Machin in Africa

Chasse à la panthère
R: Alfred Machin. P: Pathé Frères. Fr 1909
Print: Cinematek

Machin in Africa:
“In 1905 he started working as a cameraman for Ferdinand Zecca. who at the time was working for Pathé in Montreuil. He continued his Pathé career as a ‘chasseur d’images’. His adventurous spirit and an experienced guy, the German agronomist Adam David, eventually lead him to the heart of Africa. During two African expeditions (1908 and 1910) he became fascinated with the wildlife there, eventually bringing some animals home (…), some of which would eventually appear or even star in his later fiction films. The anthropological reports, wildlife documentaries and hunt scenes that he brought from his expeditions were distributed by Pathé and became popular with audiences around the world.”
Ernest Mathijs: The Cinema of the Low Countries. London 2004, p. 15

La chasse à la girafe en Ouganda
R: Alfred Machin. K: Julien Doux. P: Pathé Frères. Fr 1910

What’s about the Mickey Mouse at the start of the film? JoeytheBrit tells us on IMDb:
“The film was rediscovered by a French guy, a fanatic about early films who died in 2006. He liked to brand his films with a little drawing painted directly onto the film, so right at the start of this film we’re treated to a quick glimpse of a skinny Mickey Mouse waving hello before running into a river…”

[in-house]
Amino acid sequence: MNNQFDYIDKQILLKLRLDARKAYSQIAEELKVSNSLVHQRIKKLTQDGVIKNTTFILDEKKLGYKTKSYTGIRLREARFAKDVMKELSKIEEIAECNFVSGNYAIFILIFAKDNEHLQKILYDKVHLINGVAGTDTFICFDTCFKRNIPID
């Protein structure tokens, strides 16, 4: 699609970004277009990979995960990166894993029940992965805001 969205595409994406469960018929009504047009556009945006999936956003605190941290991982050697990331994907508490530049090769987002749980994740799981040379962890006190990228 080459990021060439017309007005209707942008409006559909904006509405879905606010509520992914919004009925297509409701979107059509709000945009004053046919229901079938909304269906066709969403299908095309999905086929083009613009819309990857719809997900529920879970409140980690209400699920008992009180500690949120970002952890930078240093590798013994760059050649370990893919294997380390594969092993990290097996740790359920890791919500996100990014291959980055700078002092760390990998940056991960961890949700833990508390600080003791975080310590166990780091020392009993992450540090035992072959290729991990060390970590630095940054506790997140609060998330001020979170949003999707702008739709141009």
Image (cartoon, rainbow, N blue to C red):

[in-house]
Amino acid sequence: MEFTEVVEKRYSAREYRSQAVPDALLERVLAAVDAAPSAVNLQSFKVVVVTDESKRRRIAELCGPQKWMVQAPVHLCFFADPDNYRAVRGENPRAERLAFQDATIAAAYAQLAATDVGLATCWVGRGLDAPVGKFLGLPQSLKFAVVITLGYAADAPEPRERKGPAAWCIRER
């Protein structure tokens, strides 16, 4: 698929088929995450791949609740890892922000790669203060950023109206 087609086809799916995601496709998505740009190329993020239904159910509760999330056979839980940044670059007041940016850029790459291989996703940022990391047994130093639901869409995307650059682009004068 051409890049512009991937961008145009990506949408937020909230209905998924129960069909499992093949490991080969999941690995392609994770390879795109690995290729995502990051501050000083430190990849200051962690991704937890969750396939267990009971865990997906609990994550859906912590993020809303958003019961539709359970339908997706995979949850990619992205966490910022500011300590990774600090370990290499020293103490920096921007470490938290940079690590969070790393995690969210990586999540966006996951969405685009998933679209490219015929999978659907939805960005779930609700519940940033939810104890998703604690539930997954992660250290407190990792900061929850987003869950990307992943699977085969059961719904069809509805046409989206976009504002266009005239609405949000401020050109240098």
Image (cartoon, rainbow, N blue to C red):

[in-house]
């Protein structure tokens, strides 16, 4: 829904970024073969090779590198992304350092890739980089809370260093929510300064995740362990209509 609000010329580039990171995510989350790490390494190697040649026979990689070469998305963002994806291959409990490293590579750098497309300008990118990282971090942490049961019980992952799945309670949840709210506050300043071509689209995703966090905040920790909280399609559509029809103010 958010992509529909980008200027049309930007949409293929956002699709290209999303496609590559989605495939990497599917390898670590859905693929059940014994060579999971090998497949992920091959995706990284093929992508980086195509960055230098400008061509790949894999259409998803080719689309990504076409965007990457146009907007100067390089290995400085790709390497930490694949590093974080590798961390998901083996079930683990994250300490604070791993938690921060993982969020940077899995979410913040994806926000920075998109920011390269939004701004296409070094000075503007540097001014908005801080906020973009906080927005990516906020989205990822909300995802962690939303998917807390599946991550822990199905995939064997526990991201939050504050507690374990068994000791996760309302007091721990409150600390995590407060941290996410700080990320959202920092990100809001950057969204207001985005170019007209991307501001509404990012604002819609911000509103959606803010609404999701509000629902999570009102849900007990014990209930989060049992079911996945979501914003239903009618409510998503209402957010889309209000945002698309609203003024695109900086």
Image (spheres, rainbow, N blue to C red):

“Adam David and Machin travelled through Egypt along the Nile to the Sudan. Along the Dinder River in Sudan they filmed and hunted for five months and did not return to Europe until 1908. During the expedition, Machin had problems with the film equipment, which was not geared for the humidity and heat of the tropic climate. (…)
The film cannot have been a total disaster, however, for Pathé sent David and Machin on yet another hunting trip that lasted from January to August 1909. This time Machin was the director, and he had a cinematographer with him, Julien Doux. On this trip they shot more film, and the result was much better than the first time around – mainly due to the fact that the film was stored in wooden boxes that were insulated with ashes. This way the film was protected against high temperatures and humidity. On the last expedition – the destination of which was East Africa, the Nile, Fachoda and Victoria Lake – they hunted and filmed elephants (among other animals). Among other film they made were Dans l’Ouganda: Chasse à la girafe and Chasse à la panthère (1909).”
Palle B. Petterson: Cameras into the Wild: A History of Early Wildlife and Expedition Filmmaking, 1895-1928. Jefferson, North Carolina, and London 2011, p. 94f.

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